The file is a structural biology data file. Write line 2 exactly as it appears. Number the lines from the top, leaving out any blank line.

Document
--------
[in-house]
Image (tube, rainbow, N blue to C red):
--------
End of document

Image (tube, rainbow, N blue to C red):